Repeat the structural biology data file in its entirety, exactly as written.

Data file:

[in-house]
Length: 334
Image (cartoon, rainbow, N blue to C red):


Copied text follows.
[in-house]
Length: 334
Image (cartoon, rainbow, N blue to C red):